Sri Lanka’s central bank kills Rs19bn in printed money, supporting rupee
ECONOMYNEXT – Sri Lanka’s central bank killed 19 billion rupees of printed money Friday selling down its Treasury bill stock to 50.53 billion rupees from 69.11 billion rupees, which analysts say will help support the rupee.
The aggregate balance of the banking system dropped to 3.53 billion rupees on April 27 from 23.93 billion rupees a day earlier as the weekly Treasury bill auction was settled.
Some banks were excess by 21.3 billion rupees which were deposited in the 7.25 percent repo window of central bank while others borrowed printed money at 8.50 percent from the reverse repo window of the central bank at 8.50 percent.
Analysts say it is important for banks which are short – those who are lending or buying bonds without having deposits – to be forced to borrow at the maximum rate possible so that the rupee will not collapse.
Sri Lanka’s foreign banks which have superior banking practices, hardly ever pressures the currency by borrowing printed money from the central bank, unlike private banks, especially state banks, which are frequently overdrawn by the Treasury.
The two largest foreign banks in Sri Lanka, HSBC and Standard Chartered issues currency in Hong Kong on behalf of the Hong Kong Monetary Authority, which operates a fixed exchange rate or currency board. The Hong Kong currency did not fall even during the Asian financial crisis.
The rupee fell sharply in April after the end of a seasonal holiday after the central bank injected cash via reverse repo auctions at rates as low as 7.6 percent to enforce a rate cut on April 04 on top of a seasonal demand for cash.
The central bank terminated term repo deals in later March and bought at least 30 billion rupees in Treasury bills on April 02, the day a large bond maturity was settled sending its bill stock from 12 billion rupees to 43 billion.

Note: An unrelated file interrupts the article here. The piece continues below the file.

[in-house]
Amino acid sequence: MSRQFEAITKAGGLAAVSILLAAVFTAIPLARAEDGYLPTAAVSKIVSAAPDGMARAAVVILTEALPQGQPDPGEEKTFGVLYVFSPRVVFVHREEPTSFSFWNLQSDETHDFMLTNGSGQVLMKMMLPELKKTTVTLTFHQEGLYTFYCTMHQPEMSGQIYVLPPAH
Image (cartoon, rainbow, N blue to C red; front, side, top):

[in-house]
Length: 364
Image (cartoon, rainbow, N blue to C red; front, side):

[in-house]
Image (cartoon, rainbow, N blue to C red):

The day after the rate cut was announced, the bill stock shot up to 75 billion rupees. On April 23, the stock went down to 50 billion rupees.
Many of the term reverse repo injections have also expired.
The domestic operations department of a central bank is the only agency that can de-stabilize the rupee by giving excess cash for banks to lend to importer and speculators hit the currency.
In the absence of a domestic operations department which prints money to keep rates down (and prevent a contraction of the money base), a monetary authority can easily defend a currency by selling down a fraction of its reserves and allowing the monetary base to contract. The selling down of Treasury bills also contracts the monetary base, though banks can still get printed money from the window.
Without a domestic operations department to create fresh money no speculator can hit an exchange rate as George Soros, the-man-who-failed-to break the Hong Kong currency board, found to his cost (Soros praises HK for blocking his dollar ‘attacks’).
Sri Lanka’s central bank in 2017 pushed the rupee down though it was sterilizing dollar purchases amid slower credit. (Colombo/Apr27/2018)